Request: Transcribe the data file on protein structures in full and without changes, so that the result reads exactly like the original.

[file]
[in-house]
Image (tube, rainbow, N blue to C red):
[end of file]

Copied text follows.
[in-house]
Image (tube, rainbow, N blue to C red):